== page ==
Talkin' Broadway HomePast ColumnsAbout the Author

Philadelphia by Tim Dunleavy

Lookingglass Alice

Looingglass Alice
Lauren Hirte
"Well, that was a complicated show," my friend said as we left a recent performance of Lookingglass Alice at the Arden Theatre. He was right: "complicated" is a good word to describe this adaptation of Lewis Carroll's classic Alice stories. Lookingglass Alice has some moments of beauty and grace that are unlike anything you've ever seen onstage; if only it were worth sitting through nearly 90 minutes of frustrating, pseudo-artistic nonsense just to see them.

Lookingglass Alice was created by Chicago's Lookingglass Theatre Company in collaboration with a circus school called Actors Gymnasium. The acrobatic feats on display are sometimes astounding; seeing actress Lauren Hirte tumble in midair using a hoop-like device called a lyra is a striking way to depict Alice's fall down the rabbit hole. It also promises great things to come. Unfortunately, little of the juggling, stilt-walking and trapeze work that follow add any dimension to Alice's story. Lookingglass Alice substitutes dazzle for depth, adding too many layers to the classic tale and making the theatergoer feel as disoriented as Alice herself. Maybe that was the idea - to put the audience member in Alice's shoes - but the jarring transitions and the abstract staging make it hard to follow the story. What's more, the attempts at Carroll-style madcap humor only work about half the time; too many of the skits seem to be wacky for wackiness' sake.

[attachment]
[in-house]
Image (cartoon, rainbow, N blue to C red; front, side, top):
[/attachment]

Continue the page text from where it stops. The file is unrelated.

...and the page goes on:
The performers are very skilled at slapstick and acrobatics. You keep wondering what these inventive actors will do next, but you never care what will happen next to Alice or any of the other unlikable characters. (There is only a superficial attempt to explore Alice's inner life and her relationship with Lewis Carroll, a.k.a. Charles Dodgson. For most of the show, Alice has little to do but run around and look bewildered.)

Still, Lauren Hirte is very impressive in the physically demanding role of Alice - convincingly girlish yet calm in the face of crisis. She's also a superb acrobat, and she has great chemistry with her supporting cast, especially Larry DiStasi as a frantic White Knight and Doug Hara as an outlandish Mad Hatter.

But while the cast is made up of great entertainers, the show they're trapped in is only intermittently entertaining. Sadly, Lookingglass Alice's trip to Wonderland rarely evokes a sense of wonder.

Lookingglass Alice runs through June 10, 2007 at the Arden Theatre Company, 40 North Second Street. Ticket prices are $27-45 for adults, $18-22 for teens and $14-16 for kids, with group discounts available, and may be purchased by calling the Arden Box Office at 215-922-1122, online at www.ardentheartre.org or in person at the box office.

Lookingglass Alice
Directed and Adapted by David Catlin
Scenic Design... Daniel Ostling
Costume Design... Mara Blumenfeld
Lighting Design... Chris Binder
Sound Design and Composition... Andre Pluess, Ben Sussman, Ray Nardelli
Circus Rigging Designer...Scott Osgood
Circus Choreographer...Sylvia Hernandez-DiStasi

Cast:
Larry DiStasi... White Knight and others
Anthony Fleming III... Cheshire Cat and others
Doug Hara... Mad Hatter and others
Jesse J. Perez... Red Queen and others
Lauren Hirte... Alice
Understudies... Marc Halsey and Rani Waterman


Photo: T. Charles Erickson


-- Tim Dunleavy



Terms of Service

[ © 1997 - 2014 www.TalkinBroadway.com, Inc. ]